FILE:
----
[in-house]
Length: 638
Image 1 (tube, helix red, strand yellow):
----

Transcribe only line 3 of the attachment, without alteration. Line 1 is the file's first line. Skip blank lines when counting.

Image 1 (tube, helix red, strand yellow):